Vayigash 5769 - The Lion and the Bull

[For Congregation Ner Shalom, Jan. 3, 2009.]

This week’s portion – and this week itself – are both about a bull and a lion butting heads.

Our parashah, Vayigash, offers the dramatic conclusion of the Joseph story, in which disguises are dropped, secret identities are revealed, those thought to be dead show up alive, erstwhile thugs are reformed, and a grand, loud, tearful reconciliation takes place.

Here’s the back story in case you weren’t reading Torah all week. As of last week’s parashah, Joseph has become Pharaoh’s vizier. The same famine that Pharaoh foresaw in his dream – and the rationing plan Joseph has developed as a result – have brought Joseph’s brothers down to Egypt where Joseph, unrecognizable to them, has them in his proverbial clutches.

Joseph does not reveal himself to them, but demands that they go back to Canaan and return with their baby brother, Benjamin. Joseph proceeds to frame Benjamin for theft. He tells the brothers that Benjamin must stay with him as a slave and that they should return to Canaan without him.

This is the suspenseful setup, as we move into Act III of the opera. The Playwright, through Joseph, has set everyone up for redemption or for tragedy or both. If the brothers have changed, they now have a chance to prove it, to behave differently this time than the last time, and to refuse to abandon Benjamin. If they haven’t changed, Joseph has cleverly rescued his little brother from the same men who abandoned him in a pit and/or sold him into slavery, depending on which sage’s interpretation you follow. Here, on the verge of redemption or catastrophe, is where this week’s parashah opens.

The curtain rises and Judah, who has become the brothers' chief and spokesmodel, approaches Joseph and delivers an impassioned speech, worthy of any fine orator or propagandist.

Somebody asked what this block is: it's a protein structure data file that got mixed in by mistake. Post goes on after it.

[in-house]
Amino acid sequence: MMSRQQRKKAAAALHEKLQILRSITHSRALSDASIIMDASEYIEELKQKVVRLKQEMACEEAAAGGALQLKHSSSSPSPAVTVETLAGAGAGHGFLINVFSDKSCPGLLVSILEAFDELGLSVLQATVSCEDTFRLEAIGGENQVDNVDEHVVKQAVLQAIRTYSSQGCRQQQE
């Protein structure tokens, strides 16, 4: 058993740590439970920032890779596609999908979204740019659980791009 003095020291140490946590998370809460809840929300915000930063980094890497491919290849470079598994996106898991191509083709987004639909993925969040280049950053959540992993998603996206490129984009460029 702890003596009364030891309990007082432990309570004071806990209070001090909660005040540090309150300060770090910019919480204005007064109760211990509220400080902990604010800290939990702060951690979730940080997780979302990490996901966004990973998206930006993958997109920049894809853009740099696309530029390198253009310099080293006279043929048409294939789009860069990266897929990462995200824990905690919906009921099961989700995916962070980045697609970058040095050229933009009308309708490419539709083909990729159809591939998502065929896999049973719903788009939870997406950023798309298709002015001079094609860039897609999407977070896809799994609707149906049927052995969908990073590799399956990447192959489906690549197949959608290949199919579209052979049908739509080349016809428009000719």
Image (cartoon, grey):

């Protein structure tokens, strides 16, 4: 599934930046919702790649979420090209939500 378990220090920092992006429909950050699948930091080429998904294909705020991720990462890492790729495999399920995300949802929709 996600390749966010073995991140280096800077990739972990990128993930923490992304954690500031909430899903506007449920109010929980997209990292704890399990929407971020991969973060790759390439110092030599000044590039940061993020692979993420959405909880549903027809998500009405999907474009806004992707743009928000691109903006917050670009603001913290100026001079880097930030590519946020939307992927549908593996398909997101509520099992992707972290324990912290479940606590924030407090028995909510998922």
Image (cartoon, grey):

Our father is old. He will die if we return to him without Benjamin. Benjamin’s brother is also dead. How much sorrow can we heap on a white-haired old man?

At the end of the speech, perhaps seeing that his arguments are not winning the day, Judah finally volunteers to take Benjamin’s place as Joseph’s slave so that Benjamin can go free and return to their father.

This is what finally breaks the tension and ends the masquerade. Judah is redeemed. They are all redeemed. Joseph, unable to contain himself any longer, reveals himself and bursts into a wailing that can be heard in the palace. The brothers nivhalu mipanav; they were speechless. Then everyone embraces and cries together. And they begin to get reacquainted. “Father is really still alive?” “Yes, 130 takeh.”

Happy ending. Curtain falls.

There was something, though, that our sages found unpersuasive about this wrap-up. In Midrash, they offer a much more detailed version of the final scene. There, instead of Judah making a speech, Judah and Joseph are having a loud and increasingly hostile argument, accusing and counter-accusing each other, each one articulating his sense of betrayal and hurt. Eventually Judah, in a fury, threatens a massacre, and as we know from the story of Dinah and Shechem, these brothers are capable of massacre. “We will paint Egypt red with blood,” he tells Joseph the vizier. “Ah, but you were already painters in the old days,” counters Joseph, “when you painted your brother’s coat in blood and told your father he’d been devoured by beasts.” It was only then, faced with his own shame and guilt at that horrible act, that Judah offers himself up.

The problem with the Midrash, of course, is that Joseph couldn’t have said all these things to Judah without revealing his true identity. After all, how would Pharaoh’s right-hand man know about these details from the brothers’ shameful past. So the Joseph of the Midrash could not have been the Joseph we know, the Joseph of the Torah narrative. The great scholar Nechama Leibowitz, z"l, suggests that the Joseph in this Midrash is in fact Judah’s own conscience. This whole debate, all this rage and hurt, all the accusations and counter-accusations, take place in Judah’s heart, and they are what lead him finally to give up the fight and offer himself up.*